53      Thus, in the present case, the Council is alleged to have committed an infringement of an obligation in respect of which it does not enjoy any discretion.

54      Thirdly, the rule requiring the Council to establish that the restrictive measures adopted are well-founded is indeed clear and precise, with the result that it does not give rise to any difficulties as regards its application or interpretation. However, account should be taken of the fact that a certain amount of time may pass between the moment when the Council receives information relating to a person or entity and the moment when it decides to include the name of that person or entity in the lists and that, during that time, the situation of the person or entity concerned may change, particularly if that person or entity is seeking to avoid having restrictive measures imposed on them. In such a situation, the Council may encounter some difficulties in establishing that the restrictive measures which it is adopting are justified.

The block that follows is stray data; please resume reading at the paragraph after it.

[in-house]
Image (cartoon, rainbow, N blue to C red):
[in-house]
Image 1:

55      Having regard to the difficulties mentioned above, it must be held that, taken in isolation, the initial decision to include cannot constitute a sufficiently serious breach, as the applicant had indeed been employed as Deputy Head of the AEOI until 2007. However, since the unjustified inclusion of the applicant’s name on the lists was then maintained for seven years (until June 2015) despite the fact that the applicant had drawn the Council’s attention to the unlawfulness of its conduct by bringing an initial action for annulment in April 2013, it must be held that the condition relating to unlawful conduct is satisfied in the present case. An administrative authority exercising ordinary care and diligence would, in the circumstances of the present case, have understood that it was for it to verify again, when adopting the decisions to maintain, whether the reasons given for the restrictive measures concerning the applicant were well-founded, and would therefore have found that the reasoning relied on against him was incorrect.